A mentally challenged woman nearly cheated out of her house and forced onto the street is home.
And it’s thanks to the Throggs Neck community’s support.
But one of her saviors believes she may not be the only victim of this kind of misfortune.
In a story first reported in the Bronx Times Reporter in 2009, Geraldine Panattieri, 60, was found wandering the streets after being thrown out of the house at 1055 Edison Avenue where she had lived her entire life.
She spiraled downward after the death of a long-time boyfriend, Chris Nugent, who had paid her bills and made sure she took her medicine, neighbors said.
After a period off of her medication, she married Joseph Lillard, a neighbor 20 years younger, who had promised to take care of her. Instead, he booted her onto the streets.
When she walked into attorney Steve Kaufman’s office looking for help, she didn’t even realize she was married to Lillard. He also had also had her sign a quick-claim deed to her home for $10.
“She is an innocent lady who was exploited and taken advantage of every step of the way,” said Kaufman.
After much back and forth with the city and a court-appointed legal guardian, Kaufman and his assistant, Cathy Ziegler, got Panattieri hospitalized at Jacobi Medical Center and then a adult care facility while the case was sorted out in the courts.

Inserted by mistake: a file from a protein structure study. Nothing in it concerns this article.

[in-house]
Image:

When she was first found homeless, Ziegler and others personally paid for a motel while the city’s Adult Protective Services was contacted. Kaufman and Ziegler then found an attorney to mount a pro-bono legal case on her behalf .
“I didn’t know that it would take this long,” Ziegler said, adding that many in the community helped to get Panattieri back home. Kaufman said that the community basically did the city’s job as the advocate she needed.
“It was an enormous effort,” he said. “The community fought and won for this lady. We had a great judge with the will to do what was right!”
Judge Wilma Guzman ruled June 16, 2010 that Panattieri was incapacitated when she married Lillard and signed her two-family home over to him. Guzman voided the sham marriage and ordered Lillard out of the house.
Bronx District Attorney Rob Johnson failed to bring any criminal action against Lillard.
But Kaufman said it was unacceptable that it took three years to accomplish and the community and not the city had to do the work. He doesn’t believe it was an isolated incident either.
“It seemed like every step we took there was an obstacle placed in our way, and it took a really long time,” Kaufman said. “It points to a systemic problem,” saying he knows of other similar cases involving family members taking advantage.
“If this happens to other people, how are we supposed to have justice?”
Neighbors held a welcome home party for Geraldine on June 3.
“If it were not for Mr. Kaufman, I would not be in my house,” Panattieri said. “I love living in Throggs Neck.”
Lillard, however, had trashed the house. But the community donated labor and furniture, Kaufman said.